Madison – Kicking up a storm between two groups that lobby lawmakers, the state’s largest police union sued the Wisconsin Counties Association on Wednesday alleging the group has violated the open records law.
The counties association contends it is not subject to the open records law.
If the Wisconsin Professional Police Association prevails, the lawsuit would make available a whole set of records that have never been seen by the public. The police union is seeking audits, financial records and a host of other data from the counties association.
The union sought the records as it fights efforts by counties to reclassify their jailers as general employees rather than protective service employees – a move that has the effect of greatly limiting their collective bargaining powers.
The police union and its executive director, Jim Palmer, filed the lawsuit in Dane County Circuit Court against the counties association and its executive director, Mark O’Connell.
The suit alleges the counties association and O’Connell violated the open records law by withholding its records and “have thus frustrated the public interest in withholding information relative to the expenditure of taxpayer dollars.”
The union is seeking an order declaring that the counties association is subject to – and has violated – the public records law. It also wants an order forcing the counties association to provide the records and pay the union’s legal fees.
“We believe this organization has a duty to the public to open its books and financial records for review and give some assurance that our money is being spent responsibly and in the public’s interest,” Palmer said of the counties association in a written statement. “It’s appalling that the WCA, as a tax-exempt organization, has fought our efforts to provide some clarity on how it spends taxpayer dollars.”
O’Connell could not immediately be reached Wednesday.
Palmer filed an open records request with O’Connell and the association’s general counsel, Andrew Phillips, on Feb. 13. He sought contracting agreements, audits, financial statements, payroll summaries, legal invoices and O’Connell’s expense reports.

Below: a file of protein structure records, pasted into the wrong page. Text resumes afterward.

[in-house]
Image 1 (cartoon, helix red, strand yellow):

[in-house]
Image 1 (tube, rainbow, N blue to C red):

Palmer did not receive any documents and filed a second records request on March 4, this time seeking correspondence from the counties association to lawmakers and correspondence between O’Connell and members of the Lafayette County Board.
O’Connell responded to the second request that same day with an email that said, “Wisconsin’s open records law does not apply to the Wisconsin Counties Association,” according to a copy of the email included in Wednesday’s court filing.
At the heart of the case is whether the Wisconsin Counties Association is a quasi-governmental agency, which would make it subject to the open records law.
A 2008 state Supreme Court decision on the open records law said a host of factors go into determining whether a group is a quasi-governmental agency, including how much public money it receives, the extent of its public functions, whether it appears in public presentations to be a government entity, the extent to which it is subject to government control and how much access government bodies have to its records.
Wednesday’s suit says the counties association has filed as a quasi-governmental agency with the Internal Revenue Service, participates in the state pension system, receives taxpayer money in membership dues from individual counties and has a board of directors comprised entirely of elected county officials. Also, the counties association in 2006 told the state Court of Appeals it was created by state lawmakers in 1935 for the purpose of protecting counties’ interests and promoting better local government.
The lawsuit has its roots in the fight over the union powers of public workers for the last two years. Specifically, the police union is trying to ensure jailers are treated like sheriff’s deputies for collective bargaining purposes.
The Wisconsin Center for Investigative Journalism reported this week that at least 10 of Wisconsin’s 72 counties in recent months have designated that their jailers are not protective service employees. Doing so diminishes their union powers because of the 2010 law known as Act 10 that sharply curtailed collective bargaining for most public workers.
Police officers and some other public safety workers are exempt from Act 10. Counties have the power to decide whether their jailers are public safety workers, and the Wisconsin Professional Police Association suspects the counties association has been urging counties to take away jailers’ union powers as a means to save money.
Source By Patrick Marley of the Journal Sentinel